Expanding into new products is not without risk. Companies that move beyond successful niches could start making costly mistakes. But analysts don't see that happening to Bando McGlocklin.
Mr. Schonath is no stranger to commercial lending, a business he learned during three years with the former Brown Deere Bank just outside Milwaukee. His background also includes a stint as an investment banker at Clarke Dodge a Co., the company that financed Abraham Lincoln's second presidential campaign. (The firm is now part of Kidder, Peabody & Co.)
Perhaps more telling, however, is the fact that the company has never reported a loan loss.
"I think anything Bando [McGlocklin] is trying to do, they are going to do so in exactly the same conservative manner they have used in the past," said Stifel's Mr. Stieven. "I can't imagine George Schonath being reckless at all."
Still, the banks have one competitive advantage: a lower funding cost driven by federally insured deposits. Bando McGlocklin uses a variety of funding sources, ranging from Small Business Administration debentures and Wisconsin Investment Board notes to a bank revolving line of credit.
Even so, the difference is not insurmountable. The company uses interest rate swaps to lower its interest cost.
For instance, the Wisconsin Investment Board notes, totaling over $15.6 million at June 30, have fixed interest rates ranging from 9.05% to to 10.8%..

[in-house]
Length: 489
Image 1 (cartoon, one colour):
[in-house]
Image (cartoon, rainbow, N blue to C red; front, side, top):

By swapping the fixed to variable rates, Bando McGlocklin can offer loan rates as low as prime.
The company's cost of funds is also aided by its structure. It does not pay federal income tax because it is registered under the Investment Company Act of 1940.
Not being a bank has other advantages as well.
Without regulators breathing down its neck, the company is able to make a long-term commitment to borrowers, even in tough times.
Mr. Schonath said that difference was recently highlighted by a situation where a bank had a line of credit extended to an established company for which Bando holds a real estate loan. When the customer started suffering losses, the bank decided to call the loan.
We said, you're making a mistake," said Mr. Schonath. "So we ended up taking out the bank by making a $700,000 working capital loan to a company with negative net worth."
The borrower is expected to have a positive net worth in the first quarter of 1995.
Had both lenders liquidated the company through foreclosure, neither would have come out whole. Plus, the small company would have been out of business.
It seems Mr. Schonath is as patient as he is relentless.
Bando Considers Role as Correspondent for Wis. Banks
Just as his company increasingly competes against them, George Schonath says he wants to help Wisconsin's independent banks.
Now, small banks risk losing the entire relationship - including lucrative demand deposits - if they turn to a big-city correspondent lender to help with credit needs too big for the independent, Mr. Schonath's solution: Bando McGlocklin Capital Corp. may enter the correspondent business.
While the idea is still being developed, Mr. Schonath said the plan would have at least two advantages for small banks. First, Bando McGlocklin's wide range of services, ranging from its ability to originate SBA loans to its tax-exempt industrial revenue bond capabilities, would complement a bank's more traditional loans.
The second draw is the company's structure. As a nonbank small business lender, Bando is transaction oriented. the company is looking for loans, not to take away the bank's other business.
"If a company wants to bank with us, they don't have to move their deposits to us," he said.